|1971||Frank Ralph Batchelor, Frank Peter Doyle, John Herbert Charles Naylor and George Newbolt Rolinson||"in recognition of their contributions to the development of the semisynthetic penicillins"|||
|1972||William Robert Boon||"in recognition of the outstanding role he had played in the discovery and development of the dipyridyl herbicides"|||
|1973||Charles William Oatley||"in recognition of his outstanding contribution over an extended period to the design and development of the scanning electron microscope in which he had played a significant and continuing part"|||
|1974||Frank Brian Mercer||"in recognition of his invention of the Netlon net process — an extrusion process for the manufacture of integral or knotless plastic net — which was of great ingenuity and simplicity with an extremely wide range of applications"|||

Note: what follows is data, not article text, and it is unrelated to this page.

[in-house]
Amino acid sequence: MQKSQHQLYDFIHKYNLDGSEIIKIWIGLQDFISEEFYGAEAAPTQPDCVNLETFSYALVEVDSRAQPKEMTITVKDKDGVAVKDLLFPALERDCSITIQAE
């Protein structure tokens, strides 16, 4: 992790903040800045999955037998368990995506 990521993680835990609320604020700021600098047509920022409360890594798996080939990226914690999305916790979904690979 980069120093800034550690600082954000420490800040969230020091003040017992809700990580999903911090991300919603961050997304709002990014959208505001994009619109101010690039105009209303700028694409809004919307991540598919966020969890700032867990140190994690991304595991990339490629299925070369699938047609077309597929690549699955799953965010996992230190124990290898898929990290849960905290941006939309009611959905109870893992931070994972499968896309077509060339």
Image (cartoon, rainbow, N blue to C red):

|1975||John Bingham||"in recognition of his breeding a series of highly successful winter wheat varieties"|||
|1976||George Herbert Hutchings||"in recognition of his distinguished contributions to chemotherapy, notably the conception and development of certain synergic drugs"|||
|1977||Godfrey Newbold Hounsfield||"in recognition of his conception and development of the computerized transverse axial tomographic X-ray scanning system known commercially as the Emiscanner"|||
|1978||James W. Black||"in recognition of his distinguished and major contributions to the discovery of two new and important types of drug — the beta-adrenoceptor blocking drugs and the histamine H2 receptor blockers"|||